Download Sunnybrook Health Sciences Centre

yes no Was this document useful for you?
   Thank you for your participation!

* Your assessment is very important for improving the work of artificial intelligence, which forms the content of this project

Document related concepts

Syndemic wikipedia, lookup

Public health genomics wikipedia, lookup

Disease wikipedia, lookup

Adherence (medicine) wikipedia, lookup

Rhetoric of health and medicine wikipedia, lookup

Declaration of Helsinki wikipedia, lookup

Patient safety wikipedia, lookup

Electronic prescribing wikipedia, lookup

Medical ethics wikipedia, lookup

Sunnybrook Health Sciences Centre
Research Ethics Board
General Guidelines for the Submission of Case Reports to Journals
Case Reports, for manuscript submission to Journals, do not require Research Ethics Board
(REB) approval or review. However, ethical considerations and oversight are a requirement
of submissions to peer review journals. These guidelines are intended to provide Sunnybrook
staff with information on relevant ethical considerations in preparation of a Case Report. For
more information on publishing case reports, please refer to the specific guidelines for
authors of the journal you are attempting to seek publication with.
Manuscripts for Case Reports typically meet one of the following criteria:
(1) Unreported or unusual side effects or adverse interactions involving medications
(2) Unexpected or unusual presentations of a disease
(3) New associations or variations in disease processes
(4) Presentations, diagnoses, and or management of new and emerging diseases
(5) An unexpected association between diseases or symptoms
(6) An unexpected event in the course of observing or treating a patient
(7) Findings that shed new light on the possible pathogenesis of a disease or an adverse
General Ethical Issues to Consider when Publishing Case Reports:
Confidentiality: Patients should be assured that personal health information, names and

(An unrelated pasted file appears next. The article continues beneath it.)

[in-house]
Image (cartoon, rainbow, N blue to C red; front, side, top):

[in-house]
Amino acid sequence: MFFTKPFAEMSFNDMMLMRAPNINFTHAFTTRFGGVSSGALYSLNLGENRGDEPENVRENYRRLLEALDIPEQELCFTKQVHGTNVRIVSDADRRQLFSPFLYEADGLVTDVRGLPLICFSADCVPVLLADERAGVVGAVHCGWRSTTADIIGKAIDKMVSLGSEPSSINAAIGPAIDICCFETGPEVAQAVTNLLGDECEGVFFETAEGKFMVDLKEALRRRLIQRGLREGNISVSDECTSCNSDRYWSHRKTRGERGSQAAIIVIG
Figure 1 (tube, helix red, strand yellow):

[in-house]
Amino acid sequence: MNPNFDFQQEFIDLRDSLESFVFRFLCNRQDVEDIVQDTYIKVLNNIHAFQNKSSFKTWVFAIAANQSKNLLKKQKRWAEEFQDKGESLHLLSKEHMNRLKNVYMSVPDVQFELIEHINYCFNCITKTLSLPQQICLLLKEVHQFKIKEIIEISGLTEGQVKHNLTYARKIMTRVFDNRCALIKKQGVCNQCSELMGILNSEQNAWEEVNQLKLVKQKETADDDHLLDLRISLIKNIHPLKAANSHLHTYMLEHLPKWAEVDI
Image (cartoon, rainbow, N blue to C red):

initials will not be published and efforts will be made to conceal their identity. However,
patients should be made aware that anonymity cannot always be guaranteed- and that the
uniqueness and rareness of specific medical conditions may be a form of quasi-identification.
*Special Note: If images of the patient’s face or distinctive body markings are to be
published; a special release should be signed by the patient indicating that the investigator
has permission for these images to be published.
Informed Consent: Best practice would dictate that informed consent (from the patient,
substitute decision-maker, or next-of-kin) always be obtained prior to submitting a Case
Report for publication. However, this may not be practical in all situations. When patients are
potentially identifiable, a signed statement of informed consent (see sample) for publication
of the report (in print and online) and for the use of patient photographs, pedigrees,
radiographs, etc., must be obtained. .
*Note: Omitting data or making data less specific to de-identify patients is acceptable, but
changing any such data is not acceptable.
These general guidelines are based on the criteria provided by journals such as the Journal of
Medical Case Reports, Canadian Medical Association Journal (CMAJ), Journal of American
Medical Association (JAMA), and The New England Journal of Medicine (NEJM).
Version date: 06OCT2008
Guidelines for the Submission of Case Reports to Journals